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Bill completed his PhD at King's College London with Dr Veronica Yu and Professor David Grimwade, studying the role of protein phosphorylation and degradation across stem cell systems, including embryonic, neural and haematopoietic systems. He continued studying protein biology as a postdoctoral fellow at The Francis Crick Institute with Professor Dominique Bonnet. Focusing on haematopoietic stem cells and acute myeloid leukaemia.
Bill was awarded a John Goldman Fellowship by Leukaemia UK, MRC career development award and a Children's Cancer and Leukaemia Group project grant to start his independent research programme at the University of York, working on protein homeostasis (so called "Proteostasis") in normal and malignant stem cells of the haematopoietic system.
During his time in London, Bill founded the London Stem Cell Network and maintains strong links with scientists across stem cell systems. Bill has been a Royal Society Westminster Fellow and worked with the Brilliant Club since 2012 to bring scientists closer to politicians, general public and most importantly primary and secondary education.
Our research focuses on the role of protein homeostasis - so called “Proteostasis” - in healthy and malignant stem cell development. The predominant focus of the lab is the haematopoietic (blood) system and cancerous transformation to acute myeloid leukaemia (AML).
Haematopoiesis: the prototypical stem cell system to study proteostasis. Haematopoiesis is a crucial example of a stem cell hierarchy and represents the ideal system to investigate tissue homeostasis, age-related systemic failure and malignant transformation to cancer (Figure 1). Extensive studies have provided insights into the role of genetics, epigenetics, and the niche in both normal and malignant haematopoietic development. However, our understanding of protein translation, folding, modification and degradation – broadly defined as “proteostasis” – is in its infancy. Considering the dynamic nature of the proteome, both temporally and spatially, the regulation of healthy and malignant stem cells at the protein level remains an exciting novel area of research.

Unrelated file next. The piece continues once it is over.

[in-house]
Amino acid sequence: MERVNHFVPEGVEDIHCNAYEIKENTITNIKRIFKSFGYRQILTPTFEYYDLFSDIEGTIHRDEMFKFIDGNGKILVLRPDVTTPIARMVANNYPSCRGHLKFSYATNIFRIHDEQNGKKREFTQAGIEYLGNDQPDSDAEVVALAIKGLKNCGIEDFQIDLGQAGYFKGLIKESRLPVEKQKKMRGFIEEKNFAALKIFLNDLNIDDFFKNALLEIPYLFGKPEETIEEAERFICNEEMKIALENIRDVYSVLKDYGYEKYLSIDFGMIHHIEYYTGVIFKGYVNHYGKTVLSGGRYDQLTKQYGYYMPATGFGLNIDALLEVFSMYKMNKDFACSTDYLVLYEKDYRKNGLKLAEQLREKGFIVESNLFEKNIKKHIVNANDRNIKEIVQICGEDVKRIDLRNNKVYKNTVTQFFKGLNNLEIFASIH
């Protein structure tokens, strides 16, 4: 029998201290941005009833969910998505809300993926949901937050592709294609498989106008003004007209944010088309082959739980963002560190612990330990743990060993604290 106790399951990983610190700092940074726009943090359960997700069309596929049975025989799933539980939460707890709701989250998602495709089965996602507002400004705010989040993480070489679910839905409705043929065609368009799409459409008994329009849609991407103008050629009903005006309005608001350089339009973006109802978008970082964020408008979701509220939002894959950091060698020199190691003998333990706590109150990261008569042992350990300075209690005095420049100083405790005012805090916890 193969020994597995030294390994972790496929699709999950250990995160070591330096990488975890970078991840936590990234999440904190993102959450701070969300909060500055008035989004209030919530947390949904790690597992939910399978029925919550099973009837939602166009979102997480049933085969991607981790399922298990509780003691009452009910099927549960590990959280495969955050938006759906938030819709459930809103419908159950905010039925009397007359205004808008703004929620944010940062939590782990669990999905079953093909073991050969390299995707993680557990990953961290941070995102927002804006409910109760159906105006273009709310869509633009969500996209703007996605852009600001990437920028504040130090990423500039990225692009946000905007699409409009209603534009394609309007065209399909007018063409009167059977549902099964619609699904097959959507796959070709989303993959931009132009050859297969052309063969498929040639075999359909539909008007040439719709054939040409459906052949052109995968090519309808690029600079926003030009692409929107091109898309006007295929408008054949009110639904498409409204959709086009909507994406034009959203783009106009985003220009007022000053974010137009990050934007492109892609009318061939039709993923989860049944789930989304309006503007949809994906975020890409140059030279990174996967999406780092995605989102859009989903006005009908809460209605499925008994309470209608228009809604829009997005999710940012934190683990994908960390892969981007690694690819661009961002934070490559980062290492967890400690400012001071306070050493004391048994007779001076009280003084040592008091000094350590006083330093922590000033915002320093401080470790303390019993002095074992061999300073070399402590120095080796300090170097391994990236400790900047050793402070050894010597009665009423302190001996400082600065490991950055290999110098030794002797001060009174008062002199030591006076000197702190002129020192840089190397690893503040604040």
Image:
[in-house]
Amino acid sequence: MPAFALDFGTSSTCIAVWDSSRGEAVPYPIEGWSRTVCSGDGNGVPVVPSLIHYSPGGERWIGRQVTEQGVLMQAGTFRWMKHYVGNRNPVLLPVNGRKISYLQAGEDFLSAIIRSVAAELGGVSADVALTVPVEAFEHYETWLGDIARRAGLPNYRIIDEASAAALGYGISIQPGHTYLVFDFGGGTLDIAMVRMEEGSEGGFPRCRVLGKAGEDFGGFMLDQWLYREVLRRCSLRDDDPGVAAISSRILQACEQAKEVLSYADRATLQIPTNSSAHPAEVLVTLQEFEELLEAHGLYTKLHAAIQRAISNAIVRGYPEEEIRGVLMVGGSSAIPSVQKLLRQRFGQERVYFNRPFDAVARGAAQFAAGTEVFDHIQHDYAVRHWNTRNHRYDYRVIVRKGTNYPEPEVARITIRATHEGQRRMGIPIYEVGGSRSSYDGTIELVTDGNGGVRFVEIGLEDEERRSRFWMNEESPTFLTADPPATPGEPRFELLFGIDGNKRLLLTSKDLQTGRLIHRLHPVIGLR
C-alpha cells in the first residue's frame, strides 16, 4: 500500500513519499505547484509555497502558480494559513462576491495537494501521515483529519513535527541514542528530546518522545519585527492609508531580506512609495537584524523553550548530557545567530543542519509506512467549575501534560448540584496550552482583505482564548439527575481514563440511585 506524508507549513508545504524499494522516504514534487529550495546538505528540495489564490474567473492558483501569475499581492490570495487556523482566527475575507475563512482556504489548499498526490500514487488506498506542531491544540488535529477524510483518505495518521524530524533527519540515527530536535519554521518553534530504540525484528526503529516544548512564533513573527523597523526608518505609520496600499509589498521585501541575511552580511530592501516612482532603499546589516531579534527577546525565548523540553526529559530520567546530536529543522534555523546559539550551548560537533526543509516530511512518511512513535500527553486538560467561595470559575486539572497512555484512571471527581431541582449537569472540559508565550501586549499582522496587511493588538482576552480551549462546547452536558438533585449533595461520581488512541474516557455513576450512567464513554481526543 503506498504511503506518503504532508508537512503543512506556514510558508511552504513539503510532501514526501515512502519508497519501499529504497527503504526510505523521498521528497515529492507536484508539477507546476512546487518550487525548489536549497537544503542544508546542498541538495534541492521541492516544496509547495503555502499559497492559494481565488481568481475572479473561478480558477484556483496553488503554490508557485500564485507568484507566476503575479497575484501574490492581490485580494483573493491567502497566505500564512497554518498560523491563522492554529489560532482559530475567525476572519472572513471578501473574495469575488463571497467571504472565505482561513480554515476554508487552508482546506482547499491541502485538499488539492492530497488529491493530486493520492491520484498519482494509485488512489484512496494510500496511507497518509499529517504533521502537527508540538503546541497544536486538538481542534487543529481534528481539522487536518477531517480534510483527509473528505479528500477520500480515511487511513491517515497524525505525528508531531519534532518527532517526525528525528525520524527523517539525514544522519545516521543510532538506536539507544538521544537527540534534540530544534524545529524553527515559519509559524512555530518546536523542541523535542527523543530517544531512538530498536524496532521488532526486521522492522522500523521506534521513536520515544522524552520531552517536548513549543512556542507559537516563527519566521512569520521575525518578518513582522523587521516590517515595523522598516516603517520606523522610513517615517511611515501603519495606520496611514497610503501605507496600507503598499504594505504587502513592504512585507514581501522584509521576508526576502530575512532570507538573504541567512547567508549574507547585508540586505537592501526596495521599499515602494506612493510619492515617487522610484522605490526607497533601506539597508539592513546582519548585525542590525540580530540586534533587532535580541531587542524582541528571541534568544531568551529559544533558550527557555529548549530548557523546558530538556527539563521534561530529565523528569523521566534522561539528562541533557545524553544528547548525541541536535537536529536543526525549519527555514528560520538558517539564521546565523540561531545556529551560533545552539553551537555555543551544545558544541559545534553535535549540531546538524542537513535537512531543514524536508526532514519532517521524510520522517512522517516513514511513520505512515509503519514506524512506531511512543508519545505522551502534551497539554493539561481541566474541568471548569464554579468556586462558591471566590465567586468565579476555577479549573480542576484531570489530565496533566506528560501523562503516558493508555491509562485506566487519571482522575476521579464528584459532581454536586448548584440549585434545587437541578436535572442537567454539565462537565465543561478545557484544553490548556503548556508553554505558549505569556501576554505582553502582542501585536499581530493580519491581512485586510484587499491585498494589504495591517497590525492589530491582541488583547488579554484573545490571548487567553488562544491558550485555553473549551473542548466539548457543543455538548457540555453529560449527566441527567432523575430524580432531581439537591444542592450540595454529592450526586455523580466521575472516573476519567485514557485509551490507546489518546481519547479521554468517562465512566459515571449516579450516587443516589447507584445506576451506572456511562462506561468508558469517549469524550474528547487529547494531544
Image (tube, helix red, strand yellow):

Acute Myeloid Leukaemia (AML) is a heterogeneous disease of the haematopoietic system with a dismal prognosis. Two-year survival rates are 5-15% in cytogenetically poor risk patients, underlining the critical need for new therapies. Current approaches of induction chemotherapy and epigenetic modifiers have been hampered by the significant plasticity in the Leukaemic Stem Cell (LSC) epigenome and are insufficient to substantially improve patient outcomes. LSCs are the origins of relapse in AML and show substantial plasticity from de novo disease through to relapse, where they drive a more aggressive disease.
Studying proteostasis in haematopoietic stem cells (HSCs). We study the proteome in HSCs, with a particular focus on expansion of HSCs for transplantation. We have demonstrated that loss of the proteostasic regulators CKS1 and CKS2 blocks the ability of HSCs to reform the haematopoietic system upon transplantation (Hemasphere 2023), and by carrying out paired proteomics and transcriptomics demonstrated that there is a disconnect between the proteome and transcriptome in HSCs (Figure 2). An axis we are continuing to study across haematopoiesis and stress responses.
HSCs require tightly regulated protein kinase signalling cascades, historically most well understood through study of instructive signals (cytokines) from the bone marrow microenvironment. We studied the functional kinome of human HSCs derived from umbilical cord blood to reveal the receptor tyrosine kinase, RET, is a functional target on the cell surface of HSCs which governs a multitude of signalling pathways important for stem cell maintenance and expansion (Blood 2020, Figure 3.)
Targeting proteostatic regulators in AML. We study the role of protein homeostasis in AML using a variety of novel inducible mouse models (Cancer Cell 2016) and primary patient samples (Science Translational Medicine 2022). By focussing on LSCs and their underlying biology, we design new methods for targeting drug resistance and relapse to improve overall survival in AML (Figure 4).